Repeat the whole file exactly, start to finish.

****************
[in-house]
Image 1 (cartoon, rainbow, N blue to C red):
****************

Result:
[in-house]
Image 1 (cartoon, rainbow, N blue to C red):